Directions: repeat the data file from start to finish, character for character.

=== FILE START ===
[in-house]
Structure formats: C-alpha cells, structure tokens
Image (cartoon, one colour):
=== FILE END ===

[in-house]
Structure formats: C-alpha cells, structure tokens
Image (cartoon, one colour):